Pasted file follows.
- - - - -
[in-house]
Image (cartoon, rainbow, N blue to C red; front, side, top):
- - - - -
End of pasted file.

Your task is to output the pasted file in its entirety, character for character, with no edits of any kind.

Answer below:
[in-house]
Image (cartoon, rainbow, N blue to C red; front, side, top):